Sarah E. Putman Mitchell, Former Captive

Sarah Elizabeth Putman Mitchell was one of the four children of Mitchell A. Putman (1794 – 1887) and Rebecca Hall Putman (1802 – 1846) who were taken captive by the Comanche on December 9, 1838 along with Matilda Lockhart. Sarah was born to the couple in May, 1832 while they were living in Benton, Alabama.

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Mobeetie, Texas

Mobeetie is generally considered to be the first town to arise and also remain in the Panhandle of Texas. It now is located in Wheeler County. Its origin dates back to the mid 1870s when trading in buffalo hides was economically profitable. Trails were established where traders from northern states including Kansas would interact with buffalo hunters. The settlement that sprang up became known as Hide Town or Hidetown.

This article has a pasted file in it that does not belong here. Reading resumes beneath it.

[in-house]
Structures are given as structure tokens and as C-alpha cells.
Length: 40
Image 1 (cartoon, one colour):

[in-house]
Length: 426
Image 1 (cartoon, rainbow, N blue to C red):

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Britt Johnson

The story of Britton “Britt” Johnson is remarkable for many reasons. He was known to have been brave, a loving husband and father and a capable businessman. He was born into slavery although he was a freedman for at least several years before his death. Possibly related to the fact that he was at one time a slave and that his family line seems to have ended without any known descendants, detailed genealogy information about Britt Johnson and his family is still unknown.

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Z. N. Morrell

Zacharius Nehemiah Morrell is generally given to be his full name, though his exact name and spelling may vary in accounts. Often only his initials Z. N. are used. He was born on January 17, 1803 in South Carolina to John and Darcus Morrell. In his early years, he lived in Tennessee before coming to Texas. He became a Christian as a youth and though he was not formally educated, was an effective minister and a good writer. He was able to chronicle his own life and experiences on the Texas frontier. Though he was a minister, his experiences were similar to those of any other early settler.

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